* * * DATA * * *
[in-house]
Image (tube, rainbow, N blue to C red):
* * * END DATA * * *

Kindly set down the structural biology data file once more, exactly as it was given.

[in-house]
Image (tube, rainbow, N blue to C red):